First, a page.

Her words struck terror into his heart. He drew back, staring at her in horrified fascination. "Who told you that?" he gasped, trembling slightly. "Who told you that?" he half howled. Betrayed! He had been betrayed again. Pain stabbed him in his midsection and he almost doubled over. Only pride kept him on his feet. It could not be . . . and yet it was . . . he could his power slipping away, like blood from a mortal wound.
Belle drew back, suddenly afraid of this stranger, who looked normal but acted like a crazy man. "She . . . she did. The lady on the road . . ."
"I knew it!" he roared. "I knew this was too good to be true. You were sent by her . . . to trick me . . . to make me weak . . ." He wrapped his arms about his middle to hold the shattered pieces of his heart. He turned away to hide the inexpressible pain surging through him.
"Rum! I wasn't sent by anyone!" Belle objected. She went to touch his shoulder and he shrank from her like a leper. "I came back, damn you! I came back!"
"Yes, you came back! On her orders! Your friend . . . the Queen! Queen Regina of the Enchanted Forest. My old, old enemy. All this time . . . you were working for her!"
"No! No! Rumplestiltskin, you're not listening to me. I only just met her today, I never knew she was a Queen!" Again she clutched at his shoulder. "I would never hurt you like that. I'm not a spy. Dammit, I love you!"
He flinched like she had just struck a mortal blow. "No, you don't. Because no one could ever love me!"
She grabbed him by the shoulders, tears overflowing down her cheeks. "You're wrong, Rum! I love you. You were freeing yourself, I could feel it. The magic was changing you back. But then you became afraid. . ."
"Maybe I just love power more, dearie," he said, his voice biting and hard.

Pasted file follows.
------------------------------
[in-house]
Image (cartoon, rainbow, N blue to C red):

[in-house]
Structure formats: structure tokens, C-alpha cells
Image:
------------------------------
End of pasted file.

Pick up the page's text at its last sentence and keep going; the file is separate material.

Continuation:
"No. I know you. You don't love power. You're just afraid of losing your heart again. To someone who cares—someone who loves you."
He shook his head. "My magic gave me a new life from the ashes of the old."
"Yes, but it also trapped you in a role you were never meant to play. That was what I was trying to save you from. But even love cannot free you if you push it aside."
"I need my magic, dearie." He said. Listening to her, he believed the Queen had played with her, as she played with everyone. He had to get her away from him. He was like poison, and she would wither and die if she remained here, she was vulnerable to attacks from the queen now. So he said, in an icy cruel tone, one that shredded him to pieces, "I don't need you anymore, Belle."
It was a lie. But he made his voice steady and certain, like the duke's noble friends, so she would believe.
"What? What do you mean?"
"Go. Just go." He pointed towards the door.
"You're . . . you're telling me to leave?" She looked as if he had run her through.
"Get out! Now!" he shouted. Several things shattered and broke from the force of his rage as his magic responded to him. Glass shards winked at him from the floor, along with splintered wood.
"Fine!" she yelled back, gathering her courage. She felt as though she were falling . . . falling into a nightmare and she couldn't wake, no matter how hard she tried. "I'll go . . . and you'll be left with an empty heart and a chipped cup for your troubles." Her chin trembled, but she held her head high. His words had hurt her deeply, but the wound was bleeding out sluggishly. She turned and walked towards the doors, feeling as if her heart had been carved out and left upon the floor, one last sacrifice to true love.